Meet Robert Conrad. Once a college basketball star at Clemson University, he went to law school and then won a partnership at the well-respected firm of Mayer, Brown, Rowe, & Maw. Subsequently, he served for twenty years as a federal prosecutor in North Carolina. In 2005, he was nominated, and confirmed unanimously by the Senate, as the Chief Judge of the U.S. District Court for the Western District of North Carolina. President Bush nominated him to serve as an appellate judge on the Fourth Circuit in July 2007, one year ago. Yet the Senate Judiciary Committee has never held a hearing on his nomination, much less a vote. The Fourth Circuit has four vacant seats. Yet Conrad sits in a kind of intermediate existence, a nominee who has never been confirmed or rejected, in a kind of limbo.
“Limbo” is a word once widely used by Catholics to describe the state of those existing between this life and heaven. It is now somewhat in disfavor. Whether there is limbo or not, and who might be in it, is surely a quintessentially Catholic dispute. Yet it is fitting to use it in this context because Conrad is being opposed, at least in part, precisely because of just such intra-Catholic disputes.
To review briefly, the U.S. Constitution states in Article VI: “No religious Test shall ever be required as a Qualification to any Office or public Trust under the United States.” Clearly then Conrad’s views on Catholic matters, which is to say about religious issues, may not be used as a reason for keeping him off the appellate bench. Whether he is a good or bad Catholic is not relevant; whether he is a good or bad lawyer is.
But that is not how Patrick Leahy sees it. Leahy is the chairman of the Senate Judiciary Committee. All presidential nominations to the federal courts come through that committee. And too often of late, they die there. Under Democratic control of the Senate Judiciary Committee, the pace of action on judicial nominations has slowed to a crawl. It is far from being cynical to conclude that the Democrats are trying to keep “conservatives” off the bench, waiting out the Bush administration in the hope it will be succeeded by a Democratic one.
When asked why the Conrad nomination was not moving, Leahy made a negative comment, noting Conrad was “the one who made the anti-Catholic comments about a nun.” Leahy, himself a Catholic, was referring to a letter written by Conrad in February, 1999 to the editors of a journal called Catholic Dossier. Conrad’s letter responded to an article that criticized a nun – the one to whom Leahy referred – Sister Helen Prejean. Sister Prejean is a well-known campaigner against the death penalty, who works with death row inmates and who wrote a book, Dead Man Walking, which was subsequently made into a powerful film.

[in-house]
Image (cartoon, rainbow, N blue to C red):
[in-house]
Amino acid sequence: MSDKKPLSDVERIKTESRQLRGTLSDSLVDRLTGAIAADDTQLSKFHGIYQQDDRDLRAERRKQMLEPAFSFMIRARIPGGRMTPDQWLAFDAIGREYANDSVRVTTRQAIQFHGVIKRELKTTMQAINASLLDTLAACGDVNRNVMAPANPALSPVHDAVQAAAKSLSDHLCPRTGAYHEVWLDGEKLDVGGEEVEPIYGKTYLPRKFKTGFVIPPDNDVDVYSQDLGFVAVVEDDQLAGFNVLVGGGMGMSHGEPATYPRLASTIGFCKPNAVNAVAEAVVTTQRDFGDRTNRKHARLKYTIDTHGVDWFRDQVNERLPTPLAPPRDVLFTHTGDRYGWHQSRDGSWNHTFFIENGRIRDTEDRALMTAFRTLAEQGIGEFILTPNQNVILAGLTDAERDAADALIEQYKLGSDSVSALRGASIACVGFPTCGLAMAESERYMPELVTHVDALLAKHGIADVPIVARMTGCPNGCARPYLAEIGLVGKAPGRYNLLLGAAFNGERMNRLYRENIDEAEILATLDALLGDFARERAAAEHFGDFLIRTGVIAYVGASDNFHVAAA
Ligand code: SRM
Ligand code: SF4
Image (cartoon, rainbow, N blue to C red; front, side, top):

Conrad commented that it was odd for her to be calling for the pope to announce and enforce an anti-death penalty view upon Catholics while she was highly critical of the Church and its clergy throughout her book. In other words, she seemed to support magisterial authority only when it served her political ends.
Given this context, it seems Leahy’s characterization of Conrad’s letter indicates Leahy thinks it is “anti-Catholic” if one does not oppose the death penalty. (Presumably, Leahy is not suggesting that in defending the Catholic Church and its hierarchy against what Conrad, at least, perceives to be unfair treatment by Sister Prejean, Conrad is not thereby being “anti-Catholic.”) Now, whether the Church has, or should have, a settled position against the death penalty (more on that in my next column) is an intra-Catholic question, which is hotly disputed. Some leading Catholics say the Church has such a settled position against the death penalty; others dispute this. Leahy presumably has a view on the issue; Sister Prejean does; and Conrad may as well. But under our Constitution, whatever Conrad believes on this Catholic question is irrelevant. What matters are his qualifications to be a judge.
And those qualifications are considerable – twenty years as a federal prosecutor, three years as federal district court chief judge, a high rating by the American Bar Association. Surely such a well-qualified person deserves a hearing and a vote. If Leahy, and others, do not find him qualified to serve, they should have the courage to say so in an open, public hearing, and they should vote against him. They should not use charges of “anti-Catholicism” to smear a good man, who is a Catholic citizen to be sure, but who, more importantly in this context, is a qualified lawyer and an experienced judge.